Our literature needs incisive criticism, yes, but on exactly whose values will it be based?

In a wide-ranging critique of black South African literature over a quarter of a century ago, Njabulo Ndebele criticised some Black Consciousness writers of the time for indulging in ‘anti-intellectualism” because they rejected critical evaluation of their works in favour of the response of the ‘man in the street”.

This episode illustrates a recurring urge among South African writers that stretches back decades: to dismiss the judgments of literary critics.

Thus the recent response to criticism by writers and performers from two very different sectors of literature (spoken-word poetry and genre fiction) is nothing new. But in light of such a recurrence it is perhaps worthwhile to consider why this is a theme of our literary history. Why do our writers continually feel so deeply suspicious of critics?

I would want to begin answering this through discussion of a particular segment of our literature.

For years my continuing interest has been in struggles around canonicity and, therefore, those local writers who have worked and experimented at the margins of public and critical acceptability.

Ignored and marginalised
What Darryl Accone says in his original piece about Kafka and Italo Svevo (Mail & Guardian February 4) is important for us as well; in our local literature there are examples of writers and performers who have been ignored or marginalised because of their supposed lesser ability and value but who, on closer examination, have been short-changed by critics.

In my field alone—black South African literature after 1965—many instances over the years spring to mind: the early rejection of Black Consciousness poets (some of whom now have a global reputation) by local journals; curt dismissals or disproportionate criticism aimed at specific books by reviewers (such as Donald Parenzee’s Driven to Work and, 20 years on, Kgebetli Moele’s first novel); and the characterisation, by one well-published commentator, of the craft of a number of contemporary poets (including Seitlhamo Motsapi and Lesego Rampolokeng) as a conglomeration of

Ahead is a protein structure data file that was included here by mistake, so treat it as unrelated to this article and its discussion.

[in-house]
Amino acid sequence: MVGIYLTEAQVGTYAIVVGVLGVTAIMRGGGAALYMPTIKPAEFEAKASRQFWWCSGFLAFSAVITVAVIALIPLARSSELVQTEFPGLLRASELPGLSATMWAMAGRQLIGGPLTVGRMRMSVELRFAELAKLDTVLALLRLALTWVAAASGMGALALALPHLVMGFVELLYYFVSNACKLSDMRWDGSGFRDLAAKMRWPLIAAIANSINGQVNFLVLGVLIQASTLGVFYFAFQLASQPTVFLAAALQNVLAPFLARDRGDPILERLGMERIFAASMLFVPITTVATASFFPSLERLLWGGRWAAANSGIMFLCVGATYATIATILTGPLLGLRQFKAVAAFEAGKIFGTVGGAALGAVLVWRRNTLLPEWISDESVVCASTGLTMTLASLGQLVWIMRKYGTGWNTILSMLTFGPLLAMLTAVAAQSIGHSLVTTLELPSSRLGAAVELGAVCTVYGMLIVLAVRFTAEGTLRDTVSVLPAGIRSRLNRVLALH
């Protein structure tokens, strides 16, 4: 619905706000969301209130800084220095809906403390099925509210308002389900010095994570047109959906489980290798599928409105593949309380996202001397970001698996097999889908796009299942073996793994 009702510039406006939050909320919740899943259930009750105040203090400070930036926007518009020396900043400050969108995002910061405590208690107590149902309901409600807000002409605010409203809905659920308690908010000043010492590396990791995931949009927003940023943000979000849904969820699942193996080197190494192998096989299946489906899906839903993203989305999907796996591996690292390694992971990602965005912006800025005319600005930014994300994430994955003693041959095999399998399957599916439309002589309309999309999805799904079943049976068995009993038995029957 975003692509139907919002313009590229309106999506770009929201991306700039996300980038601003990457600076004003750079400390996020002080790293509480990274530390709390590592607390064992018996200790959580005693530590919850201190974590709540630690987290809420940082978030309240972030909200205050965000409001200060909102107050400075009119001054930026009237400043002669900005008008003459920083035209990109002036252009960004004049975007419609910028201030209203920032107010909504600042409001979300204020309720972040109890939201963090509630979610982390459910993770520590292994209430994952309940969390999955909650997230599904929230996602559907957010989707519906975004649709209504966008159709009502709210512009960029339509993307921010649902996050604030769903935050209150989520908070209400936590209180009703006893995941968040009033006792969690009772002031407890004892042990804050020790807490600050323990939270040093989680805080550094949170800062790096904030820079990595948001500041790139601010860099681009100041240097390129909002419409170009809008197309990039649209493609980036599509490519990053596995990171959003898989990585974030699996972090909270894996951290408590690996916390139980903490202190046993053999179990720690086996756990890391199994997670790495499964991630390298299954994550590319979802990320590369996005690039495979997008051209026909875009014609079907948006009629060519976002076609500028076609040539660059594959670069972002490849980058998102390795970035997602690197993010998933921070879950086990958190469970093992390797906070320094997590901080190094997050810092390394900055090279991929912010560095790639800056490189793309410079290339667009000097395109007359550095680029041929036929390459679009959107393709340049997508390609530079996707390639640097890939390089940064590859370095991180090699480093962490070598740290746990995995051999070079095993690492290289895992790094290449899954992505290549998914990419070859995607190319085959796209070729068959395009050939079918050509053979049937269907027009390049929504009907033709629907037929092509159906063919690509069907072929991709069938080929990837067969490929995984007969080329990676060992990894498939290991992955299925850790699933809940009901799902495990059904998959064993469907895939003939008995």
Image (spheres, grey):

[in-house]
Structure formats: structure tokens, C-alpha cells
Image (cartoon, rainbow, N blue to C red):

‘throwaway lines”.

One could continue, but there is a point here beyond name-calling or the giving of examples. Although the specific viewpoints I have cited are those of academics, it is also true that, with notable exceptions, newspaper reviewers have not always conducted themselves with glory either. Inept reviews usually demonstrate the narrow terms of reference and, indeed, the relative ignorance (there is no nicer word for it) of the person making them. In such a scenario, authors have some reason to be wary.

Unreflective certainty
Academics and, similarly, editors and reviewers partake in the creation of values. Even before they give opinions they select certain works as worthy of scrutiny; they discard others; they set out frames through which students are required to view particular authors or pieces of literature. This tendency can be extremely helpful but can as easily lead to an unreflective certainty among readers and would-be authors that understanding—and creative success—will be the result of mastery and application of a set number of generic rules and conventions. In the hands of less adept teachers creative writing courses and workshops only add to this problem.

So: a more vigorous criticism, by all means. But I am already starting to get a feeling of déjà vu as I think back to the immediately pre-Black Consciousness period when (mainly white) critics tended to assume that their notions about literary value were universal and obvious.

With the benefit of hindsight, it is clear they used criteria that were too limited.